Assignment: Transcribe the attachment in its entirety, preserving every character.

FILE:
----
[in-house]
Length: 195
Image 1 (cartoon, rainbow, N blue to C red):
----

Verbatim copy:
[in-house]
Length: 195
Image 1 (cartoon, rainbow, N blue to C red):